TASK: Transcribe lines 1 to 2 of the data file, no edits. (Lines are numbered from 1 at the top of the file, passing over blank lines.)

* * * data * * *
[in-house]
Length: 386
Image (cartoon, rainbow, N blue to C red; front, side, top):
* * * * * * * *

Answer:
[in-house]
Length: 386